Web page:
I was afraid to become a parent. I was afraid I’d be a lousy mom, that my type-A personality would make me controlling and exacting.
Likewise, I loved the idea of homeschooling, but knew I would drive everyone around me crazy if I tried to be super-structured. Like Bert sings in Mary Poppins, my default is to grind, grind, grind at that grindstone. I am relentless when it comes to doing, to improving, to being just slightly type-A.
So I tried to find ways of homeschooling that are organic and kid-driven instead of crazy-mom-driven. Instead of setting up school at home, we try to work and play and make stuff, assuming that learning can happen without anyone grinding anything. That empty space and joy will create magic. That books and blocks and princess clothes serve as a fine curriculum. That play is actually work in disguise. (Okay, and we do a little math curriculum too.)
I have been pleased about this affects my kids. But to my surprise, the biggest change has been in me.
Letting go of grading, of comparing, of keeping up? It infects how I look at everything.
Why? Because how we treat our kids—or anybody we love, work with, disciple, teach—is a magic portal to how we treat ourselves.
I started wondering: I’m giving them freedom to do X, and they thrive. What if I gave myself more freedom?
I started noticing: I give them permission to not be ready for reading, or math, or fill-in-the-blank, and when they are ready they take off like a rocket. What if I gave myself that same space?
I saw that many of the expectations, hurry, anxiety, schedules and grading of school are actually quite optional, and I wondered: Is there any other thing in my life I’m agreeing to without good reason?
I’m not saying that if you unschool, these attitudes will magically set themselves on your shoulders, or that I have them perfectly figured out. I’m not saying you have to homeschool to experience them. Heck—you don’t even have to have kids.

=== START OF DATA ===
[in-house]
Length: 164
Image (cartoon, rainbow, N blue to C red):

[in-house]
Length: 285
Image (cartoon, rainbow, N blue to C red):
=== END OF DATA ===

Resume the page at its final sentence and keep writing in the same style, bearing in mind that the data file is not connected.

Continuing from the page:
But I know I see this truth more clearly after seven years of unschooling.
I see that the freedom I give to the people I love will rub off on me.
Letting go of anxiety will lighten not just my shoulders, but my friends’ and family’s loads too.
The patience and grace I give myself will affect how I parent and live.
How I treat my kids is a magic portal into my heart–and vice versa.
Please don’t take this as me saying you should do better.
Instead, think this: If I give myself grace for being who I am today, I am extending that grace to my spouse, too.
Think this: That over-and-over patience I have with my friend is a deep patience with myself.
Think this: The freedom and creativity I say yes to today is a legacy I’m creating for my son.
Because how we treat other people—especially people we have power over–matters. How we live out our lives in the wiping of noses and making of lunches matters. How we pursue our passions and make playdoh cupcakes matters.
It matters because no matter how small, how humble, and how unintentional, every small decision will be writ large in the sky of our becoming.
Originally published in February of 2014.
Image credit: Gary Wall